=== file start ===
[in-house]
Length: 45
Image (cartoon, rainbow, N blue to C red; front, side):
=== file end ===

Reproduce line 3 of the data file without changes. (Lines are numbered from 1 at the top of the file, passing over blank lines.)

Image (cartoon, rainbow, N blue to C red; front, side):